A Look Towards The Future of Cell Phones

by : K. Lynn

As with all technologies, there is a push from handset developers to constantly bring to market innovative new designs that will greatly appeal to consumers.

Finnish handset giant Nokia introduced a concept device they dubbed "The Morph." The Morph, still very much a concept device with no intended plans to manufacture or release, takes mobile smartphone devices miles beyond what is currently available on the market today. The Morph would take advantage of nanotechnology to incorporate a wide variety of uses into one device; from the standard features of voice, and data to the more whimsical features of being able to analyze the air quality and possible contaminants on the food you are about to eat. The Morph would not just be a unique device capable of a large variety of functions; it would also serve as a unique and stylish accessory. The Morph's design would make it capable of being physically manipulated to change its form factor. It could be stretched out into a device with a full sized QWERTY keyboard, making it easier to communicate. It could be folded up into the size of a credit card for easy storage; and it could even be folded to be worn on your wrist as a watch. As already mentioned, this device is very much a concept phone. Nokia, currently, has no plans in the works to develop this concept into a viable marketable device. However, several of the features discussed in the concept will be slowly incorporated into devices that will be developed over the next few years.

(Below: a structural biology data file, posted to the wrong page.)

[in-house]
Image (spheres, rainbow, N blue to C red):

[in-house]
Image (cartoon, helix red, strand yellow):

Other handset developers, like NEC and BenQ have released information about their own pliable concept phones; their concepts do not incorporate all of the same technology the Nokia Morph has, but they're still very interesting designs.

With the release of the Apple iPhone several other handset developers have followed with their own touch screen smart phones capable of providing users with the same features and technology they'd expect from the popular iPhone. With upcoming handset releases users can expect to see more touch screen technology integrated along with the continued ability to use mobile phones for more than just phone calls. As more functionality is incorporated into the devices, users can expect to see dramatic changes in the designs of the phones; larger screens, fold out keyboards, and a move towards handsets without buttons.

As consumers feel the urge to "Go Green", mobile phone developers are going to take this into account and start changing the way they build their handsets. The elimination of toxic components is the first start towards going green with the inclusion of more recycled components into the handsets. The plastic casing of mobile phones can be made, in large part, from recycled and renewable materials. Developers are also going to start to make the move towards increasing the battery life of phones while developing phones that use less energy to gain a full charge. Nokia has already built into their phones an alert that will let users know when their phone is fully charged, urging them to disconnect their phones.

There are so many directions the mobile phone industry can take us in it is hard to pinpoint exactly where the technology is going to take us. However, what is certain is that the future of mobile phone technology is a bright one full of possibilities as innovative handset makers and wireless carriers take steps to not only make our lives easier with better communication devices, but take the steps needed to ensure the technologies keep up with our demands.